KANSAS CITY, Mo. (AP) — Eric Berry has his own opinions about whether the Buffalo Bills were out to hurt him in last season's opener, when a deliberately low block resulted in a season-ending knee injury.
The Chiefs' safety knows better than to reveal what he's really thinking, though, instead telling people to watch video of the block and "make your own opinion."
Berry was in the open field and running toward the ball Sept. 11 when wide receiver Stevie Johnson dove at his knee from the side. Berry was upended near the goal line and ultimately left the game, and the full extent of the injury was revealed a couple of days later.
Although the open-field block was legal, Berry tweeted last month: "Sometimes I sit n wonder if they had a bounty out on me ... oh well ... who cares. Either way u can't hold me down."
Berry said that the tweet, sent after revelations of bounties being paid out in New Orleans, was "pretty much a joke." But pressed about whether he thought the hit was intentional, the Pro Bowl safety gave the impression that he still wonders about it.
"They got the tape out there, you can make your own opinion," Berry said. "I mean, my opinion is my opinion. People are going to take it how they want to take it anyway.
"To me, that's in the past," he said. "It is what it is."
The issue of bounties has exploded in recent weeks, after the NFL determined that a program was in place in which Saints players were paid bonuses for on-field accomplishments, which included hurting opponents. Such payments violate league rules.
NFL Commissioner Roger Goodell suspended coach Sean Payton for the entire season, former defensive coordinator Gregg Williams indefinitely, general manager Mickey Loomis for eight games and assistant head coach Joe Vitt for six. The team also was fined $500,000 and will be forced to forfeit second-round draft picks in 2012 and 2013.
Additional sanctions could be levied against some of the players involved.
Johnson said through Twitter last fall that he never intended for Berry to get hurt, and also pointed out in response to sharp criticism that his block was within the rules.
"Regardless of what happens on the film, everything happens for a reason," said Berry, who was at the Chiefs' practice facility Tuesday to participate in the team's offseason program.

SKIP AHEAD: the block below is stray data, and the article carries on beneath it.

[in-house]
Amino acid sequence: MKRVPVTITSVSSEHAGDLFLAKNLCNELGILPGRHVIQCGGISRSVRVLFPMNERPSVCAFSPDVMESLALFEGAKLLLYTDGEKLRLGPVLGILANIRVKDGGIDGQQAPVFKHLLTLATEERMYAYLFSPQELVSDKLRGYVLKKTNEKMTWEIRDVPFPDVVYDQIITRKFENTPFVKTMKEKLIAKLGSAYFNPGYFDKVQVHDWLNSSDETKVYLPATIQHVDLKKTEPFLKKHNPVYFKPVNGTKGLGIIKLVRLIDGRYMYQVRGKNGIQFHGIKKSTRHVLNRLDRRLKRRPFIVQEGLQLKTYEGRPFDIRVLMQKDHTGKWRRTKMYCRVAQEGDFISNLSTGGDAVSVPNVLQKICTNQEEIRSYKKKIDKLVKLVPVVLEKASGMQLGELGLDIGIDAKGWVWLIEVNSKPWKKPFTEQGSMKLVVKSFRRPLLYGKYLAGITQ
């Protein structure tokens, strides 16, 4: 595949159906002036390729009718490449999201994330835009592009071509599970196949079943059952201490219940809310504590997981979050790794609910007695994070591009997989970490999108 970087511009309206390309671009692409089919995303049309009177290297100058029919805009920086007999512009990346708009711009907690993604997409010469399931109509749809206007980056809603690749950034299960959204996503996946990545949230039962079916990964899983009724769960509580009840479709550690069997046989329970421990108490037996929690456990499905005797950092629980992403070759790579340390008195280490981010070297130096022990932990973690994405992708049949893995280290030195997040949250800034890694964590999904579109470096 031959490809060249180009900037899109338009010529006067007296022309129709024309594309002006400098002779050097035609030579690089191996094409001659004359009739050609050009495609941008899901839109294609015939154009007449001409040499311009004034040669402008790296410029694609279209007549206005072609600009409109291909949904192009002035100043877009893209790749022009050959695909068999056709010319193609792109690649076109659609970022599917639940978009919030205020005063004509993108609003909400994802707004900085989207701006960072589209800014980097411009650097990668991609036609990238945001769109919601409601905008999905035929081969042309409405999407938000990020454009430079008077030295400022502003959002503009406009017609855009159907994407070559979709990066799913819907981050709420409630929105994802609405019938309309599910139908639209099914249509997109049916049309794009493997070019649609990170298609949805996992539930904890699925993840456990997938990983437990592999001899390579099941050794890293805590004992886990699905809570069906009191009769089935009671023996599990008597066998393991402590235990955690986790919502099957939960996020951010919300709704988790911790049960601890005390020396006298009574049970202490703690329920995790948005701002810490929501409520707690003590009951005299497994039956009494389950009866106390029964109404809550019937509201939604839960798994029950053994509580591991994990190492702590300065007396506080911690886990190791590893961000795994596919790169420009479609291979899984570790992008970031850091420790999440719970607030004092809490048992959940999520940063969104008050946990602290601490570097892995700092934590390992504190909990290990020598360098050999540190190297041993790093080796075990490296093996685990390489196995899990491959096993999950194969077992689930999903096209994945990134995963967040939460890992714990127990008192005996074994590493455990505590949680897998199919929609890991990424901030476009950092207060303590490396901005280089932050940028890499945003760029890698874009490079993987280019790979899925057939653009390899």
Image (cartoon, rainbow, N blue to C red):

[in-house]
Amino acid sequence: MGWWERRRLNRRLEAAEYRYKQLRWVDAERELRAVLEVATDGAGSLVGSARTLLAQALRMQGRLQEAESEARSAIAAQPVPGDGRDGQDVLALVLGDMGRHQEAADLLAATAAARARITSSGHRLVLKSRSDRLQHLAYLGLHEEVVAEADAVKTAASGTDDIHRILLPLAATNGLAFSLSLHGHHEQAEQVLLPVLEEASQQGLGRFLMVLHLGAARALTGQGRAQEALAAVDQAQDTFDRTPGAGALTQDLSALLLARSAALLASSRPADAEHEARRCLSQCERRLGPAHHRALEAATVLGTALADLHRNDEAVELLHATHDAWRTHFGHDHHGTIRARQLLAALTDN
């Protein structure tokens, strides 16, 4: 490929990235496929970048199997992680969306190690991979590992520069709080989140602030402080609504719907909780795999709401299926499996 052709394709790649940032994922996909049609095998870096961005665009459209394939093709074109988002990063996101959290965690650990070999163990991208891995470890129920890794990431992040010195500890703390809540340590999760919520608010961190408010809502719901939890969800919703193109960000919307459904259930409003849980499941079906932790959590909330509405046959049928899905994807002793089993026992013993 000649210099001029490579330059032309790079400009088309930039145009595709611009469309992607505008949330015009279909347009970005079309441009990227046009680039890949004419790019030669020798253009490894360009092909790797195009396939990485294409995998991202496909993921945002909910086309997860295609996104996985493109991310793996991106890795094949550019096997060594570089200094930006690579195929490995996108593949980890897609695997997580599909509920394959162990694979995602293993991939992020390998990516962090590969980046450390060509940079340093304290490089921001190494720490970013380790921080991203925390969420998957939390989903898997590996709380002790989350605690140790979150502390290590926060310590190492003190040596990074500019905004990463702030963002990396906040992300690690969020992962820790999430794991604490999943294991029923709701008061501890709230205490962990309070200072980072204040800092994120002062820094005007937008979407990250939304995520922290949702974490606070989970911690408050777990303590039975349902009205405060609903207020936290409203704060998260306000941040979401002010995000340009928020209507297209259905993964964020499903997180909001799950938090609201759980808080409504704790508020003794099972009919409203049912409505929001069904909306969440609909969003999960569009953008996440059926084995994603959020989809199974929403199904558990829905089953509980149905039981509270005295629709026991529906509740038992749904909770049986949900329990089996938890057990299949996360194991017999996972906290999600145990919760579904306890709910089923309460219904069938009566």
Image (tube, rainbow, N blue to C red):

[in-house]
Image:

Berry said his knee has mostly healed — he spent time rehabbing with tight end Tony Moeaki and running back Jamaal Charles, who sustained the same injury to the same knee in consecutive weeks. All three are expected to be ready by the start of training camp in July.
Berry said the time away from the field made him "more hungry than ever." It was the first time he'd been away from the game for such an extended period of time.
"I've always been motivated, but at the same time, I've never been away from the game so long," he said. "I'm definitely excited, especially to be back with my teammates."
Berry said he's never been around a team, including college, where players were encouraged to hurt other players. He said the only thing that Chiefs defensive coordinator Romeo Crennel — now the head coach — ever asked of his players is to give maximum effort.
"I've never played on a team where there was anything like that going on," added Chiefs cornerback Stanford Routt, who spent most of his career in Oakland. "Whatever was going on in their locker room, that was their business."
Defensive tackle Tyson Jackson also said he'd never been around a bounty program, whether with the Chiefs or in college, and he hadn't paid much attention to the Saints' situation.
Asked whether he ever felt targeted by an opposing player, quarterback Matt Cassel offered a bit of levity: "I always think I'm in a game when the opponent is trying to hurt me!"
"No, I don't think I've ever had someone come at me with malicious intent," he added. "We play a violent enough game, so you're always shocked when you hear about this stuff. I think it's being handled accordingly, and I think the commissioner's taken a pretty hard stance."